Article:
Appetizer Tex-Mex

Chili parlor queso

Chili parlor queso | Homesick Texan

When I started researching the history of chile con queso for my new book, periodicals and books revealed it had been a popular dish at the Johnson White House in the 1960s. That made sense, as President Johnson and his wife Lady Bird were both Texans who knew queso was a must at any gathering.

Most guests were receptive to the dish, but the White House’s French head chef René Verdon hated it. In fact, he loathed chile con queso so much that he derisively referred to it as “chile con-crete.” When I first heard what he said, I laughed as I could imagine a person with a French accent and a sneer looking at a slow cooker burbling with queso and uttering that phrase. But the more I thought about it, the more I decided that clearly the chef had not tasted the queso because if he had I know he would have changed his mind.

Indeed, when I first moved to New York and would make queso for my friends, the Texans would of course make a beeline to the pot but the non-Texans would make faces and say, “What’s that?” When I’d explain to them what it was and how it was made, they’d be even more snobby about the dish. But I always encouraged them to take one bite. And after they dipped that first tortilla chip into the pot they’d marvel over how creamy and delicious queso can be.

Chili parlor queso | Homesick Texan

The Johnson family was proud of their state’s culinary heritage and Mrs. Johnson often shared with the press the recipes that came from the kitchen of the family’s personal chef, Zephyr Wright. Most were classics that would look familiar to any Texan, but strangely enough, the first queso recipe she gave called for aged cheddar.

At this time, queso was made with a processed cheese base, and I assume that’s what they served at the White House, too. Though when I made the first-published Johnson queso recipe it turned into a lumpen mess, as there were no starches or a roux to bind the sauce, which you need when melting real cheese. I reckoned that the usage of cheddar over the more common processed cheese was an attempt to mollify her in-house critic.

Chili parlor queso | Homesick Texan

Another recipe she shared a few years later, however, did call for melting brick processed cheese (usually sold under the name Velveeta) and canned tomatoes and green chiles (usually sold under the name Ro-Tel). A queso classic. To make it even better, a generous portion of Texas red chili—that beloved stew of beef and red chile peppers—was also added to the creamy base. As chili is the state dish of Texas and some may argue that queso is a close runner-up, this dip was a much better introduction to Texas party fare than the previous recipe Mrs. Johnson had shared. This was the real deal.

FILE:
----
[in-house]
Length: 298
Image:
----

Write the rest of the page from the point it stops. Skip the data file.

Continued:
For my book, I took that recipe and adapted it a bit. The chili in the original was the famous Johnson recipe for Pedernales chili, which has a ground-beef base and is seasoned with chili powder. For expediency, I stuck with the ground beef, but to get a richer ancho chile flavor, I made a puree out of whole chiles versus ground powder. And while I typically eschew tomatoes in my chili, for authenticity to the original I did retain the ones called for but split the can between the chili and the queso, which worked out well.

People have asked me what is my favorite recipe from the book, and I always reply that I don’t have one. This is true, as there are so many variations of chile con queso that there is always something new to discover. I love them all. But I’m sharing this one with you today mainly because October to me is perfect chili weather. And what goes better with chili than queso? This is fall Texan comfort in a bowl served with a side of chips.

Now, a few more words about QUESO! The past week has been fantastic and I wanted to thank y’all for all the kind things you’ve said about the book. It’s been super fun seeing people’s photos on social media of the dishes they’ve made. Please continue to share! Also, if you’ve enjoyed the book please consider leaving a review on Amazon, GoodReads, your blog, or other review sites. This is also very helpful! I am going to be having book events in Texas in early November, and I’d love to see you! Here are the dates with details. Thank you again, and I’m so grateful for all your support and kind words. Queso forever!

Chili parlor queso | Homesick Texan
5 from 1 vote

Chili parlor queso

Servings 8
Author Lisa Fain


Ingredients for the chili:

  • 2 ounces dried ancho chiles
  • 1 teaspoon bacon grease or vegetable oil
  • 1⁄4 medium yellow onion, chopped
  • 2 cloves garlic, chopped
  • 1⁄2 (10-ounce) can diced tomatoes with green chiles, with juices
  • 1 teaspoon dried oregano
  • 1 teaspoon ground cumin
  • Pinch ground allspice Pinch of cayenne
  • Pinch cayenne
  • 1 1⁄2 cups water
  • 1 pound ground beef, preferably coarsely ground
  • 1⁄2 teaspoon kosher salt
  • 1⁄2 teaspoon black pepper

Ingredients for the queso:

  • 1 pound brick processed cheese, cubed
  • 1⁄2 (10-ounce) can diced tomatoes with green chiles, with juices
  • 1⁄4 cup pickled jalapeños
  • 1⁄4 cup diced yellow onion, for serving
  • Tortilla chips, for serving


  1. In a dry skillet heated on high, toast the ancho chiles on each side for about 10 seconds or just until they start to puff. Fill the skillet with enough water to cover. Leave the heat on until the water begins to boil and then turn off the heat and let the chiles soak until soft, about 30 minutes. Once hydrated, discard the soaking water, rinse the chiles well, then place into a blender.

  2. To make the chili, in a medium saucepan, warm the bacon grease over medium-low heat. Add the onion and cook, stirring occasionally, until softened, about 5 minutes. Add the garlic and cook for 30 seconds longer. Turn off the heat. Transfer the onion and garlic to a blender with the chiles. Add the tomatoes, oregano, cumin, allspice, cayenne, and water. Blend until smooth.

  3. Add the ground beef to the pan and season it with the salt and black pepper. Cook over medium-low heat, stirring occasionally, until browned, about 10 minutes. Pour in the chile puree. Turn the heat to high, bring the mixture to a boil, then turn down the heat and simmer, uncovered, for 30 to 45 minutes, stirring occasionally, until thickened and fragrant. If the chili gets too dry, add more water. Taste and adjust the seasonings, if you like.